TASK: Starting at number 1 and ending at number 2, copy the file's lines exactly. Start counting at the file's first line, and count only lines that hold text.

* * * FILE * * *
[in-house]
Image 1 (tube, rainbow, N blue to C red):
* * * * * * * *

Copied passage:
[in-house]
Image 1 (tube, rainbow, N blue to C red):